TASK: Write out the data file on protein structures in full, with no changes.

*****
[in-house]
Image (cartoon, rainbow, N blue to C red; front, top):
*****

[in-house]
Image (cartoon, rainbow, N blue to C red; front, top):